We All Deal So Differently

June 24th, 2011 by Amy Gonsalves Leave a reply »

Living life with type one or type two diabetes requires a lot of work.  It’s amazing how we all deal so differently with that workload.

Some people stay in denial and don’t do a thing: don’t take their medication, don’t change their habits after diagnosis, do precisely what they know is damaging to their bodies, or fight every day to not acknowledge what living with diabetes takes.

Some people immediately take their doctor’s instructions to heart, learn all there is to learn, do everything precisely “right” and are probably their doctor’s star patient.

Some people learn quickly that routine is their best friend, and never vary from day to day: breakfast is food X, drink Y at time Z with insulin A at the same time every day.  Any variance is a threat.

Some people think “I just have to do this until…” and some people think “I will be able to get off medication” and some people think “It’s no big deal.”

Some people change everything.  Some change nothing.

Some people fight for their child: 504 plans, Americans with Disabilities ride passes at Disneyland, attendance at every JDRF event imaginable: Let’s Get Rid of This Horrible Disease.

Some people participate in clinical trials, some people see a physician once a year to get their insulin prescription renewed. 

Some people live with diabetes, others are diabetics, some are persons with diabetes.  Some are patients, some are advocates.


Some people tell everyone.  Some people tell no one.

Some people see their diabetes as the hardest thing they’ve ever dealt with.  Some people struggle every day.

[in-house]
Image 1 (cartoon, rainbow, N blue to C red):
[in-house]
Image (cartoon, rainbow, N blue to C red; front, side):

Some people ask why me? Some people don’t care.  Some only ask in the dark.

Some people won’t go to the grocery store without their meter.  Some people don’t know where their meter is right now.

Some people can recite their past three years’ of A1cs.  Some couldn’t tell you what the last one was, nor when it was taken.

Some people make charts and graphs.  Some people don’t.

Some people go by how they feel.  Some people can’t recognize a low.

Some people love their doctor.  Some love their Diabetes Educator.  Some can’t stand any part of a medical visit.

There are of course a lot of extremes and most of us probably wander between the extremes through the years of life with diabetes.  Certain times of our lives will prompt greater focus on our disease, and some periods will necessitate greater distance in favor of a different focus.

It’s always there, always a part of us, no matter what we do.

It’s our diabetes.

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